Michael KohlhaasArnaud des Pallieres’ latest film, meanwhile, takes us even further back to the 16th century. Michael Kohlhaas follows a prosperous house merchant who resorts to crime and violence after an injustice is done upon him, and once again features last year’s Best Actor winner Mads Mikkelsen. It’s a premise that doesn’t jump off the page, and critics say it doesn’t jump much off the screen either. Jay Weissberg of Variety found himself more entranced by the locations than by anything else.

In 1969, when Volker Schlondorff made his “Michael Kohlhaas,” he added newsreel footage on the European release prints showing student protests around the world. The device served to make direct parallels between the novella’s themes and the unrest of ’68, highlighting the continued vitality of a tale featuring a morally upright figure resisting the corrupting influences of power. Kleist himself, a determinedly political author writing in 1808, used the based-on-fact case to draw comparisons with Napoleon’s thirst for dominance. Oddly given the richness of the theme, helmer Pallieres seems more inspired by landscape than by history or any contemporary resemblances.

Jordan Mintzer at The Hollywood Reporter is similarly mixed on the film, wishing for deeper themes from a film that’s most concerned with what it looks like.

As juicy as that sounds, des Pallieres, making his third feature after two well-regarded medium-length films (particularly Disneyland, mon vieux pays natal), is less interested in pulling off a French-language Game of Thrones than in creating a moody and atmospheric costume drama — one that excels in its gorgeous settings, impressive horse stunts and intricately lit widescreen cinematography (by Jeanne Lapoire, A Castle in Italy), but fails to build sufficiently interesting characters, and a dramatic enough arc, to carry it through a rather plodding two-hour running time.

Jonathan Romney at Screen Daily felt Mads Mikkelsen’s screen talents were squandered on a role that didn’t have much to do.

Part of the problem lies with des Pallières failing to make interesting use of Mikkelsen, who never does much more than use his steely gaze to play Kohlhaas as a Clint Eastwood avant la lettre. Other support players add life, and generally look every inch the period part – notably Duran, Bruno Ganz and Mélusine Mayance as Kohlhaas’s young daughter. Martin Wheeler contributes a terrific mediaeval-themed score heavy with drones and drums, and Jean-Pierre Duret’s sound design is one of the film’s aces. But generally, the film comes across as solemn rather than stately, and laden with so much gravitas that it never really gets off the ground.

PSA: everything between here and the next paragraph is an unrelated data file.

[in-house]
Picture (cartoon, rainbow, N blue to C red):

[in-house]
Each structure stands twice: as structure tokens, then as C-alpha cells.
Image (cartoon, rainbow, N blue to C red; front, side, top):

So while The Immigrant may have the slightest chance at the Palme, along with Marion Cotillard for Best Actress, Michael Kohlhaas seems to be more of a visual attraction than an actual competitor. I’d say their Palme odds are, respectively, 8.6/10 and 4.3/10. That leaves just one more day of competition premieres ahead, so stay in touch and don’t let us go!

Lea Seydoux, Adele Exarchopoulos, Cannes
‘Blue is the Warmest Color’ stars Lea Seydoux and Adele Exarchopoulos.

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(Dir. Hirokazu Kore-eda)

The Selfish Giant (Dir. Clio Bernard)
Blue Ruin (Dir. Jeremy Saulnier)
Grand Central (Dir. Rebecca Zlotowski)
Shield of Straw (Dir. Takashi Miike)
Borgman(Dir. Alex van Warmerdam)
The Great Beauty (Dir. Paolo Sorrentino)
A Castle in Italy (Dir. Valeria Bruni Tedeschi)
Only God Forgives (Dir. Nicolas Winding Refn)
All is Lost (Dir. J.C. Chandor)

Bastards (Dir. Claire Denis)
Grigris (Dir. Mahamat-Saleh Haroun)Blue is the Warmest Color (Dir. Abdellatif Kechiche)
Nebraska (Dir. Alexander Payne)

Palme d’Or Predictions

Born in California, resident in New Hampshire, Lena is film studies graduate with a intense passion for queer cinema, stop-motion animation and all things Greta Gerwig. Full Bio.